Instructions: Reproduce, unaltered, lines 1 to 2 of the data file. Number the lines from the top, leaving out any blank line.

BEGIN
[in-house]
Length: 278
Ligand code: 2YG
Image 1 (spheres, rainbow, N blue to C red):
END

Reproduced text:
[in-house]
Length: 278